How to Build a Free Energy Generator

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The interest in alternative energy sources is gaining momentum. With the depletion of non-renewable energy sources like oil and gas, it is becoming more imperative for us to find other sources of energy, preferably renewable ones. The 2 most practical renewable sources of energy are the sun and the wind. The good news is that these days we have the technology to generate power from both these renewable energy sources. In fact, you can generate your own free electricity from solar and wind power.

Here's how I made mine.

My solar panel comprised of 36 solar cells that I bought from eBay for less than 200 bucks. I learned that I needed to connect them in series, meaning that the front side of one cell is connected to the back side of the next. Each solar cell comes with 2 tab wires (very conductible flat wires) that are used to connect the cells. I soldered each cell to the next and made a set of 6x6 cells. Then I glued it onto a base which I fitted into a shallow plywood box that I made earlier. Remember to coat the entire box and base with weather-proof paint as they will be exposed to the weather. Once these have been done, I tested the solar panel before mounting it onto my roof. Success! My solar panel generated 18.8 volts of electricity on a sunny day.

Before connecting my solar panel to a battery, I installed a blocking diode into the circuit to prevent the battery from discharging back to the solar cell at nights. Then I mounted my solar panel onto my roof. The panel is connected to my 12V battery via a charge controller. And then I connected the battery to an inverter to change the DC current to AC current so that I could use it to power my appliances.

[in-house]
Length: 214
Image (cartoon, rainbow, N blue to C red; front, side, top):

Next, I tried making a wind generator. That's a little bit more difficult but I still made one that works fine.

I went again to eBay and bought myself some wind generator blades and motor (I recommend Ametek motors). Then I screwed the blades onto the hub of the motor exactly 120° apart. The hub is connected to the motor shaft and when the blades turn, the shaft turns also and electricity is generated. I went on to build a body that could house my motor and protect it from the rain. I used a large PVC pipe and cut it down lengthwise. That way, it could be wrapped around my motor with the blades coming out one end. At the other end I attached a vane so that it could face the direction from where the wind was coming. The entire motor needs to be able to swivel, so I attached a flange at the base and used some lazy susan bearings to enable it to swivel. Then I needed I tower.

For a tower, I used an old TV tower that I had before I switched to satellite TV. But before mounting the motor on top, I had to connect the motor to my battery. Since it would be constantly turning to face the wind, I had to use an electrical rotary connector. Then I mounted the motor on top of my tower. Once again, the motor is connected to a diode, a charge controller and a battery.

That's it! Simple, isn't it? Of course, there are the minor details, but they're just that....minor. All the major steps are already explained. Do you think you could build your own energy generator? Of course you could. If a non-handyman like me can do it, so can anyone.

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